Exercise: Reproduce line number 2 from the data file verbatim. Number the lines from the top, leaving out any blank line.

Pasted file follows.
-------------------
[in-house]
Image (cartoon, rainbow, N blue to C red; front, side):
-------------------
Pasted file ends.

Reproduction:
Image (cartoon, rainbow, N blue to C red; front, side):